28. Q. Ma and Y. Zhang, “Mechanics of fractal-inspired horseshoe microstructures for applications in stretchable electronics,” Journal of Applied Mechanics, vol. 83, no. 11, article 111008, 2016. View at Publisher · View at Google Scholar · View at Scopus
  29. Y. Su, S. Wang, Y. A. Huang et al., “Elasticity of fractal inspired interconnects,” Small, vol. 11, no. 3, pp. 367–373, 2015. View at Publisher · View at Google Scholar · View at Scopus
  30. Y. Sun and X. B. Yu, “Capacitive biopotential measurement for electrophysiological signal acquisition: a review,” IEEE Sensors Journal, vol. 16, no. 9, pp. 2832–2853, 2016. View at Publisher · View at Google Scholar · View at Scopus
  31. S. Wang, M. Li, J. Wu et al., “Mechanics of epidermal electronics,” Journal of Applied Mechanics, vol. 79, no. 3, article 31022, 2012. View at Publisher · View at Google Scholar · View at Scopus
  32. H. Fu, S. Xu, R. Xu et al., “Lateral buckling and mechanical stretchability of fractal interconnects partially bonded onto an elastomeric substrate,” Applied Physics Letters, vol. 106, no. 9, article 091902, 2015. View at Publisher · View at Google Scholar · View at Scopus
  33. Y. Zhang, S. Xu, H. Fu et al., “Buckling in serpentine microstructures and applications in elastomer-supported ultra-stretchable electronics with high areal coverage,” Soft Matter, vol. 9, no. 33, pp. 8062–8070, 2013. View at Publisher · View at Google Scholar · View at Scopus
  34. Y. Su, J. Wu, Z. Fan et al., “Postbuckling analysis and its application to stretchable electronics,” Journal of the Mechanics and Physics of Solids, vol. 60, no. 3, pp. 487–508, 2012. View at Publisher · View at Google Scholar · View at Scopus
  35. J. W. Lee, R. Xu, S. Lee et al., “Soft, thin skin-mounted power management systems and their use in wireless thermography,” Proceedings of the National Academy of Sciences, vol. 113, no. 22, pp. 6131–6136, 2016. View at Publisher · View at Google Scholar · View at Scopus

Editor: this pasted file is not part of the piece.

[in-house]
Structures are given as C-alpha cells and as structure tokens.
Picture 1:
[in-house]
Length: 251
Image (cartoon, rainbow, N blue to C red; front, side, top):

36. J. Song, H. Jiang, W. M. Choi, D. Y. Khang, Y. Huang, and J. A. Rogers, “An analytical study of two-dimensional buckling of thin films on compliant substrates,” Journal of Applied Physics, vol. 103, no. 1, article 014303, 2008. View at Publisher · View at Google Scholar · View at Scopus
  37. H. Cheng and S. Wang, “Mechanics of interfacial delamination in epidermal electronics systems,” Journal of Applied Mechanics, vol. 81, no. 4, article 44501, 2014. View at Publisher · View at Google Scholar · View at Scopus
  38. X. Yu, Z. Yu, W. Pang, M. Li, and L. Wu, “An improved EMD-based dissimilarity metric for unsupervised linear subspace learning,” Complexity, vol. 2018, Article ID 8917393, 24 pages, 2018. View at Publisher · View at Google Scholar · View at Scopus
  39. M. A. Yokus and J. S. Jur, “Fabric-based wearable dry electrodes for body surface biopotential recording,” IEEE Transactions on Biomedical Engineering, vol. 63, no. 2, pp. 423–430, 2016. View at Publisher · View at Google Scholar · View at Scopus
  40. D. C. Deno, H. J. Sih, S. P. Miller, L. R. Teplitsky, and R. Kuenzi, “Measurement of electrical coupling between cardiac ablation catheters and tissue,” IEEE Transactions on Biomedical Engineering, vol. 61, no. 3, pp. 765–774, 2014. View at Publisher · View at Google Scholar · View at Scopus
  41. Y. Lu, Z. Ju, Y. Liu, Y. Shen, and H. Liu, “Time series modeling of surface EMG based hand manipulation identification via expectation maximization algorithm,” Neurocomputing, vol. 168, pp. 661–668, 2015. View at Publisher · View at Google Scholar · View at Scopus
  42. S. Poungponsri and X.-H. Yu, “An adaptive filtering approach for electrocardiogram (ECG) signal noise reduction using neural networks,” Neurocomputing, vol. 117, pp. 206–213, 2013. View at Publisher · View at Google Scholar · View at Scopus